When Bob and Diane came to see us for the first time they had all the makings of the ideal client. They had diligently saved for their retirements and had a great deal of options in what they might be able to accomplish in terms of their retirement goals. It was clear to us however, they they weren’t as confident as we were.
Often times we have clients who, on paper, have it all figured out, but their state-of-mind is that they are uncertain about what they should be doing. They have dreams, but they do not want to make the move to going after them because they are afraid of making costly mistakes with the money they have worked so hard to accumulate. Sometimes people employ a financial advisor, not to solve a particular problem, but to find validation in order to move forward with a new part of life.
In the case of Bob and Diane, they were trying to merge their relationship and eventually get married—each for the second time. Bob and Diane had different money messages growing up. Both from large families, but Diane was significantly less financially secure than Bob. In addition, Bob had accumulated more money than Diane. They were in different places both mentally and financially.
Both have two children but Bob was widowed and Diane was divorced. Bob and Diane both were worried about their partner’s financial success if something were to happen to the other. Bob was also worried about providing an inheritance for his children since he was their only remaining parent. How were they to stop working and merge their financial lives at the same time? All this in the midst of the great recession.
For most, these types of differences can be extremely challenging. When discussions surrounding money move to family and beliefs and cultural heritage, it is important to be respectful and mindful that comparing apples to oranges is futile. Bob and Diane were mentally and financially prepared we just helped them discover new solutions that incorporated both of their needs, values and backgrounds.
It was 2007 when Bob and Diane had stated they would like to retire next year. Of course hindsight provides perfect clarity but we didn’t have that benefit. However, knowing that they wanted to retire, purchase a new home together and live off what they had accumulated, we had to plan for their immediate and long term financial security.
One of the biggest hurdles was paying taxes. Bob had accumulated a significant amount of company stock. This is not uncommon and what is done with that stock can be vital to long term financial success. In addition to the company stock, Bob had a significant number of stock options that would vest over the next 10 years. The fate of their financial success was directly tied to the success of that company. We were able to convince Bob to sell the majority of the stock and pay taxes. This enabled them to make decisions based on their goals not on the whims of the stock.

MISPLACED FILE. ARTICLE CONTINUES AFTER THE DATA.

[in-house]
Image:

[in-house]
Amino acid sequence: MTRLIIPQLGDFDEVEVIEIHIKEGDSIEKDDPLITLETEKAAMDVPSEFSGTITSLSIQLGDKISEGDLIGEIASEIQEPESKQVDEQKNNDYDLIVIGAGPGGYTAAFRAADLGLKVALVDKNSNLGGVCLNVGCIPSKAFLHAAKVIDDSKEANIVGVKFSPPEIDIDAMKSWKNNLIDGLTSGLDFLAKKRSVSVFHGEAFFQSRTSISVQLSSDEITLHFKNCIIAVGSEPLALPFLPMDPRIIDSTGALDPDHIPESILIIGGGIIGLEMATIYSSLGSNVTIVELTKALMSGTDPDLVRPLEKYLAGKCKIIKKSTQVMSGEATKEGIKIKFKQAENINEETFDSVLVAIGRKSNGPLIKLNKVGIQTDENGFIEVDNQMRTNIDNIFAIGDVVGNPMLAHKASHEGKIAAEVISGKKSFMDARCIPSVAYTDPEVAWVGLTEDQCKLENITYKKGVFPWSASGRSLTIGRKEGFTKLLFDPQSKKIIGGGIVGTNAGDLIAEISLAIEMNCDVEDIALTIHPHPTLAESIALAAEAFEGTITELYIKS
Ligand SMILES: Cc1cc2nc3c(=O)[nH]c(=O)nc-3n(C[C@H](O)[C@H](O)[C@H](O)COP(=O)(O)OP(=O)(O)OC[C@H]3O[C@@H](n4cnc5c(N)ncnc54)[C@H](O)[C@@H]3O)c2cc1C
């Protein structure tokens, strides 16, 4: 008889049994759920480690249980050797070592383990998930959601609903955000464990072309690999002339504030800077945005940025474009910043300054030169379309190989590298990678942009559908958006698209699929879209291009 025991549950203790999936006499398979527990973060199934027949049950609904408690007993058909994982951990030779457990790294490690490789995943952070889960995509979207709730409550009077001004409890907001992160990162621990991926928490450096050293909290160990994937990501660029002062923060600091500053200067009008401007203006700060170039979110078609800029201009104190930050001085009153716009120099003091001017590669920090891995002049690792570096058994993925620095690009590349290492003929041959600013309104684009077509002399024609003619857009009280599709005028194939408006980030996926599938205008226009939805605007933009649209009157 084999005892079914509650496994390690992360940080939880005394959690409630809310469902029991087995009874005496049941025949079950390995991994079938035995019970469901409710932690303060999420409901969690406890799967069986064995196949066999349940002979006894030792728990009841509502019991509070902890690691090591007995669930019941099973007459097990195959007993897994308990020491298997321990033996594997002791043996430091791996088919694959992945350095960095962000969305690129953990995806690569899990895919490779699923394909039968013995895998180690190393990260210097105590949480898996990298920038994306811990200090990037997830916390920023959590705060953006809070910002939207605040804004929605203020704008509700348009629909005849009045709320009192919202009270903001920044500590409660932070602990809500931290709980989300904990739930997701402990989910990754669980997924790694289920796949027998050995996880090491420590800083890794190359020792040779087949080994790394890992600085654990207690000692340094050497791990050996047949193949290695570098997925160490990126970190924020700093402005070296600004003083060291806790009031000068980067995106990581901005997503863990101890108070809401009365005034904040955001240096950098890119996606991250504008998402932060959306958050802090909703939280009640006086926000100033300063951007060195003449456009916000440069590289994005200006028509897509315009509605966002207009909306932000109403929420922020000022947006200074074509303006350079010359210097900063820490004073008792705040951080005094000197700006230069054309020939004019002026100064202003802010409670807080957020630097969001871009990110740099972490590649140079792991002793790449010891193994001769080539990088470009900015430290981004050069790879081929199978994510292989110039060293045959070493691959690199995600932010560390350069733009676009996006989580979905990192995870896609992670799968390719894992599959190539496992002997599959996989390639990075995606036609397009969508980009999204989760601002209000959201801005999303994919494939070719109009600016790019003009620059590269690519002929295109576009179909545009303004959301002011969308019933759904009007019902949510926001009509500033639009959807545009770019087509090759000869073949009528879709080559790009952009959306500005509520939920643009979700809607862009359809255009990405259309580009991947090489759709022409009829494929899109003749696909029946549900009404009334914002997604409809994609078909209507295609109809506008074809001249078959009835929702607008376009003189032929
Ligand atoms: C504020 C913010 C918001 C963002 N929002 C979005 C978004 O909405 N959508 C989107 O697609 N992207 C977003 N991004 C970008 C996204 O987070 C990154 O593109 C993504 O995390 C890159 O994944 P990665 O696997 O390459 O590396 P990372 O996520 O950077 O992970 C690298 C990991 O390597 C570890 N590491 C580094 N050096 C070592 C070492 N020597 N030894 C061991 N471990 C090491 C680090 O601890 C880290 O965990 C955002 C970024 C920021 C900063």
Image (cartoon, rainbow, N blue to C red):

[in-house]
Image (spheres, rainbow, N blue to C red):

As we all know now the stock market collapsed only about a year later. Through careful consideration and for their comfort they each agreed to work one more year. In early 2009 amidst significant uncertainty in the stock markets, they retired. It doesn’t end there, they still had a lot to do to merge their financial lives. The differences in their backgrounds created the possibility for a tough financial merger. For the most part they managed to find common ground on their own and respected their different views on money. I would like to think that we helped a little bit to foster the dialogue.
They now reside in Burlington, Vermont overlooking Lake Champlain. They both embrace living an active life. Bob is now the captain of their beautiful Tartan 3400 sailboat while Diane teaches yoga as a master instructor. They are a big part of their grown children’s lives, helping guide them through the challenges they face. They travel freely and live comfortably knowing that they have the financial skills and resources to ensure comfort in retirement.